No, it is the fault of everything around me. The only constant is my brilliance.
* * *
How fitting that this should be my birthday, a century of days since my arrival on Slothland. To celebrate, I gave myself the present of a day off from research, and had a enchanting conversation with a rather enlightening fellow who was watching me from the reflection in a piece of scrap from the crash.
He agrees with me that ‘Slothland’ just is not working. I shall ponder it further tomorrow while collecting more samples. I have a good feeling about tomorrow.
* * *
There is a hall of fame back home. When I eventually go back, I shall have it destroyed in order to build a big statue of the great Emperor Frank Sloth, so I will always be looking down on them and mocking their failures.
Once again, science has prevailed in the face of adversity! With just mud, a potter’s wheel, and what sustenance I managed to synthesise from my samples of the smog, I have at last created life. I thought to model them on a great figure: tall, proud, distinguished, handsome. But then I realised that if I modelled them after me, it would feel wrong to order them about, and the sight of me digging in that swamp would be disgusting. So instead I just have created some scrawny creatures with dirty coloured skin, oversized chins and just three hairs. This way I can mock them easier.
Well... I say “them”, it is more of an “it” at the moment, but it is a start! Once I craft a few more examples of my sheer genius, they will be able to dig out more machinery and I will finally be able to create something in my own image. Perhaps then, I might have an intelligent conversation again. I keep getting distracted when talking to that strikingly good-looking chap in the mirror. There is something about him that just makes me unable to focus properly.
* * *
At last we have managed to salvage all that remains of use from the wreckage at the bottom of the swamp. The equipment is lost beyond repair courtesy of an ill-mannered ecology on this planet, and a swamp that rudely decided to infest delicate machinery. However, some pieces have survived and are already proving useful. In particular is the camera network which miraculously escaped harm. Already I have my dim-witted servants spreading them out, enabling for more comfortable research into the changes that are happening to the atmosphere.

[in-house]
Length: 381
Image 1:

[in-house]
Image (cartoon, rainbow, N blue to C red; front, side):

This has been the most worrying thing to happen since my arrival. For one hundred and fifty-one days I have waited while the barren plains scorched in the suffocating heat, the smog aglow with the flames of the sun, all the while the lava streams consumed all in their path. Then when the glow of the sun faded, the bitter chill of a truly barren night would haunt the lands, and the streams would harden, replacing the land they fed upon. It was a beautiful sight to watch and to study. It was my solace when research yielded failures. But now it is being taken away from me.
Today I saw sunlight. A single shaft managed to penetrate the barrier. I cringed at the sight.
To make myself feel better, I am going to have the minions tidy up this cave. How can a man of my calibre pursue the purity of science without a laboratory? If the world must change, I must be properly prepared to study it.
* * *
The sunlight is getting worse. It has only been a week, but already my cameras are picking up fresh bursts each day. To make matters worse, one of my minions was caught in it, and reduced back to the mud from which I made it. The purity of my science is being tainted, the perfection of my craft ruined. I must find a way to stop it.
* * *
Everything I have built has collapsed around me. The wastelands are being replaced by something green and sharp, with these accursed brightly coloured.... things... appearing amongst it! The plants I have spent the last few months studying are dying out in this new world, the balance of their eco-system destroyed by this accelerated change.
There is only one possible reasoning behind this change: I am no longer alone on this planet. Someone else is here, and has started to terraform. No regard for what was here already. Something grossly inconsiderate, and in need of being taught a lesson, perhaps?
My cameras are everywhere. I shall find them eventually, and then I shall teach them the error of their ways.
* * *
The last of my mutant minions fell to the sun today. To compound my troubles, the swamp I built them from has been cleansed, and with it the foul, stinking mud has been replaced by the crystal clear sheen of pure water. It makes me sick to my stomach. What use is a perfect world to science? The ultimate pursuit is driven by the need to purge the imperfections, to seek improvement from the problems of the world. My world was perfect for this purpose, but the malcontents could not see this. For the first time since my arrival I am wishing the craft had survived in order to allow me to escape.
WARNING: LIFEFORM DETECTED
What? Show camera! Show me what foul beast this system has contrived?
A ball of fluff? Idiotic machine, there is no life in a ball of fluff! At least I know what has happened to my madness now, although I never imagined a machine with no intelligence could contract such a thing. Is there nothing that can fail to make technology more pathetic?
WARNING: LIFEFORM DETECTED
There is no...
Well... this is an interesting development. It seems I have found something more than a ball of fluff. Whatever is happening to this planet has suddenly become very interesting. Yellow balls of fluff with big feet... and bigger eyes...
I think the time has come for the great Doctor Frank Sloth to do something drastic: field research.
To be continued...